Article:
Skin lighteners, such as soaps, ointments, and creams, contain “mercury, topical corticosteroids, or hydroquinone, each of which disrupts melanin production in the skin” (“Whitening”). These are harsh chemicals that can cause reactions on one’s body. As desirable as light skin may be, users of skin bleaches can experience side effects ranging from permanent spots and splotchiness to poisoning and disfigurement. Products are often imported both illegally and legally from third world countries to be sold on Internet domains to avoid critical resistance and regulations. Some may ask themselves why anyone would risk their naturally beautiful skin just to become lighter. This is because of the social effects of colorism systematically, especially in the United States, that has made black communities to conform to the use of privileges that light skin entails. Skin tone has been proven to affect personal income and social position in the black community, both from a white and black perspective. Although race relations in the United States have improved within the past two centuries, the modern twenty-first century has unacceptable weaknesses and biases built into the American system and ideologies based on skin tone.
According to research recorded in the Encyclopedia of Race and Racism, “a consensus is building that individuals and institutions grant favorable treatment, opportunities, and rewards to African Americans based on how closely their appearance approximates that of Eurocentric standards” and ” there is ample evidence that greater social status is ascribed to blacks and Latinos with lighter skin shade in the United States” (“Colorism.” Encyclopedia). Skin and hair take rolls in the professional world, as many black men and women feel the need to “tame” their hair in the workplace in order to be seen as professional. Black hair is often relaxed, straightened, and manipulated because “Professional hair is seen as short and straight, and these standards are often at odds with the hair that many women of color have” (“Beauty Standards”). The International Encyclopedia of the Social Sciences collected research from numerous professionals that delve into the systematic issue of colorism in African American communities, whether it be in classroom settings, patterns in sentencing, or hiring decisions. It has been shown that higher education levels and workforce status is attained by lighter-skinned minorities than their darker counterparts.
Researchers William Darity, Arthur Goldsmith, and Darrick Hamilton found that employers tend to prefer light-skinned black employees over dark-skinned black employees. Lighter-skinned African AMerican men also ted to earn higher wages compared to darker-skinned African American men. A study by Trina Jones demonstrates that “demonstrates that darker-skinned blacks receive longer sentences than lighter-skinned blacks for crimes against whites, despite similarities in criminal records”, and further, Shari Lynn Johnson and Valerie Purdie-Vaughn demonstrate that “‘”blacker-looking’ African American males are more likely to receive the death penalty compared to their lighter-skinned counterparts for comparable capital crimes. Their findings remain significant even after controlling for defendant attractiveness and other nonracial factors that are typically known to influence sentencing, such as murder severity or victim’s socioeconomic status” (“Colorism.” International). Black men, especially those of the darker complexion, have been demonized in the media and in their own communities, allowing systemic racism and colorism to determine not only the wages and jobs they may receive, but how long they will be able to live and breath freely in the United States of America and on this earth. The privilege that is given to black people of a lighter complexion should be given to all black people.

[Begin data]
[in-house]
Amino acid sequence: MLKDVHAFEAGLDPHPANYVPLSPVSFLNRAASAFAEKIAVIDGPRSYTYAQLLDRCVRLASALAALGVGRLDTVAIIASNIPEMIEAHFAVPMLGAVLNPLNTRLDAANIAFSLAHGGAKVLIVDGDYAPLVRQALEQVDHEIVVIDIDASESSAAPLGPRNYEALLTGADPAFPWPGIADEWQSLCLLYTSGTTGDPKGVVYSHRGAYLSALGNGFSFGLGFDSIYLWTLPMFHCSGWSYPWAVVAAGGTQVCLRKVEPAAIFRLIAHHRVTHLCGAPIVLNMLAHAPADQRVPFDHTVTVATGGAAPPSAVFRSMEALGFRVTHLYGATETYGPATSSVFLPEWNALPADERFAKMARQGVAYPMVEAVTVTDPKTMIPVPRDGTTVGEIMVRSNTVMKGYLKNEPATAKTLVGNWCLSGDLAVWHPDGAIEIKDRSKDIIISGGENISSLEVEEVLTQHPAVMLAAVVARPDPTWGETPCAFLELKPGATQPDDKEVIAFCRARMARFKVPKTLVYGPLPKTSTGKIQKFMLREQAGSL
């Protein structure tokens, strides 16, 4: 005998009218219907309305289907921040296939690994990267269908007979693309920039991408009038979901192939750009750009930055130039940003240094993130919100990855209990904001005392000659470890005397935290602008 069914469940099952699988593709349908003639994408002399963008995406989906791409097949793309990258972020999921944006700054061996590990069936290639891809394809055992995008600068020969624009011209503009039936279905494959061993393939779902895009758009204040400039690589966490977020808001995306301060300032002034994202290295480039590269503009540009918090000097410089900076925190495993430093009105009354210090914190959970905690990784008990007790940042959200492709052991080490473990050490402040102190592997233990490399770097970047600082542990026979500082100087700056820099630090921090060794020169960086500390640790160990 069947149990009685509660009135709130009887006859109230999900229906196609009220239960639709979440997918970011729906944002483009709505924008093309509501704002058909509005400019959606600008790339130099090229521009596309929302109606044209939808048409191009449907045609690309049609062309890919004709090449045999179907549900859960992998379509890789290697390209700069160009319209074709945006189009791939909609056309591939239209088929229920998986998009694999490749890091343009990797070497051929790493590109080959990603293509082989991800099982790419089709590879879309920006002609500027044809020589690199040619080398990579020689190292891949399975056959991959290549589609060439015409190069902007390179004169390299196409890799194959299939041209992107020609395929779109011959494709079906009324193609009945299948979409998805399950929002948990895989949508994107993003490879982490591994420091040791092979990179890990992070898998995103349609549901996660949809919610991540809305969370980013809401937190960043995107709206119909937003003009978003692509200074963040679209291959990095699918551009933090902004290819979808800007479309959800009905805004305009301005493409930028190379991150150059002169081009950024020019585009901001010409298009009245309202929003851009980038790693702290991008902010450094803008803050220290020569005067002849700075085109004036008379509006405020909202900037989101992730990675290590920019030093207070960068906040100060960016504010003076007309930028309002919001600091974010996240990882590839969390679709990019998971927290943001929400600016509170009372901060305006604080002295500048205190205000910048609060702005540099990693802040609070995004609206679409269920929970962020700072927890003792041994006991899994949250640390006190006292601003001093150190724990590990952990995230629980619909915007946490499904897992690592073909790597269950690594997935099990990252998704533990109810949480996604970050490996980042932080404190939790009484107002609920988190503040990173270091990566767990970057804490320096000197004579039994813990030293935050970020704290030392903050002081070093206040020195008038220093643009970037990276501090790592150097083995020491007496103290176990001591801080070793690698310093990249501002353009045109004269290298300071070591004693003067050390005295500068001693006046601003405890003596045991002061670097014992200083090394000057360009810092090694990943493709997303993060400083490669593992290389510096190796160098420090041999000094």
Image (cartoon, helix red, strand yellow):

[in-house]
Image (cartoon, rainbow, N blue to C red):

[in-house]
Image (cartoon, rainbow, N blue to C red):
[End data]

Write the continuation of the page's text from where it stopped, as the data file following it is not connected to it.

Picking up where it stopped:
The black community must ask for social equality within itself before asking for racial equality on all levels. There is no hope if communities do not stand united, because “while there needs to be acknowledgement of the privilege light-skinned folks carry, this division amongst Black folks makes us less effective in the work towards eradicating racism. In the words of Audre Lorde, ‘The master’s tools will never dismantle the master’s house” (Jones).
There is so much that must be done to negate all of the odds that put black people against each other in order for peace to be established. The American system pits black people against each other, from the tension on the plantations and the slave homes to the cycle of violence on the streets. As a planet, standards need to be widened past the eurocentric example set for every man, woman and child. Solutions can start with simply supporting black businesses and businesses that cater to black people and skin tones equally.
Black people must stop conforming to the things that are set in place by breaking barriers and forming their own standards and fixing what restricts them, whether that be a lack of foundation shade range or the quality of public schools that black communities are given. Light-skin black people must not stand in silence as they see their darker brothers and sister struggle behind them because of the lack of systematic privilege. Skin bleaching must no longer be seen as aesthetic, for no one should feel the need or desire to change the amount of melanin their body produces in order to get a job, a property, or a relationship. This no longer the nineteenth century, where the mulatto slaves were given better treatment with little question. It is time for the black community to come together, dismissing the #TeamDarkSkin and #TeamLightSkin hashtags and cliques, to get closer to the destination of global equality, for that is the only way to reach that dream. There it is a lot of work to do. Skin-color bias should not ruin the potential that society has moving forward.